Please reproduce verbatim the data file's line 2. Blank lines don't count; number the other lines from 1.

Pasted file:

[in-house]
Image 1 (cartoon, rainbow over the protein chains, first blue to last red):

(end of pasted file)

Image 1 (cartoon, rainbow over the protein chains, first blue to last red):